Dave Davenport, Justin Hall, BiL Sherman, Steve MacIsaac, Drub, Brad Rader, Jon Macy, Victor Hodge, William O. Tyler, Julian Cardozo,
Hard to Swallowby: Dave Davenport, Justin Hall, BiL Sherman, Steve MacIsaac, Drub, Brad Rader, Jon Macy, Victor Hodge, William O. Tyler, Julian Cardozo,
Hard to Swallow Comics was launched with a simple premise: that erotic comics should be great stories as well as being sexy. The series ran from 2006 to 2009 and featured everything from werewolves and skater ghosts to pirates and porn stars. Now the whole series—plus a whole issue’s worth of new material—has been collected into one deluxe volume!
$14.99 – $39.99
Dave Davenport lives in Los Angeles with his dog. His comic book work has appeared in Hard To Swallow Comics, and his own book Feral and the Ghostskater (winner of the Prism Comics Queer Press Grant). Anthologies that have included his work have been Best Erotic Comics, True Porn 2, and Alphabet. Dave is an alumni of the Academy of Arts in San Francsico, recieving a bachelor’s degree in illustration, though he’s mainly only illustrated for the likes of Unzipped, Freshmen, Men, Out, and Instigator magazines (smut, smut, SMUT!). In a past life Dave animated from the video game developers Illusions Gaming Co., and BLAM! In this life, he tattoos under the name of Dogspunk, and the shop name of Marginalized Tattoo. He was a founding member of Bent Comix, and from 2010-2013 was a founder and art director for Bent-Con.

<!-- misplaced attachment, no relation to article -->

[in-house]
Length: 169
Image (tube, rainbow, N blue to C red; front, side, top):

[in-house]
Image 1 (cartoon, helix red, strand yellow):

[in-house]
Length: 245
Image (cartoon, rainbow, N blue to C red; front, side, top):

Explore more Dave at dogspunk.com.
Justin Hall is a San Francisco-based cartoonist and educator. He created the comics series True Travel Tales, Glamazonia, and Hard To Swallow (with Dave Davenport), with his work also appearing in such places as the Houghton Mifflin Best American Comics, Best Erotic Comics, QU33R, and the San Francisco Bay Guardian. He is the editor of No Straight Lines: Four Decades of Queer Comics, which won a Lambda Literary Award and received an Eisner Award nomination and is now being adapted into a documentary film. Hall has curated shows of comics art at the S.F. Cartoon Art Museum and the Schwules (Gay) Museum in Berlin, helped create the Artists’ Area at the Folsom Street Fair, and is the co-organizer of the Queers & Comics conference. He has been on the boards of the nonprofits Prism Comics (supporting LGBTQ comics) and Our Books (supporting Cambodian comics), and has done academic writing on comics for the Routledge and Cambridge presses. He is an Assistant Professor of Comics at the California College of the Arts, and a Fulbright Scholar. Find out more at justinhallcomics.com.